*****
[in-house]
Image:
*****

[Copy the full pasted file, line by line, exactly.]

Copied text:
[in-house]
Image: